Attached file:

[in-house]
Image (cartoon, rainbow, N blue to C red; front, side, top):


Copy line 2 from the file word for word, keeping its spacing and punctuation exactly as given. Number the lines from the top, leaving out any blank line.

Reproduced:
Image (cartoon, rainbow, N blue to C red; front, side, top):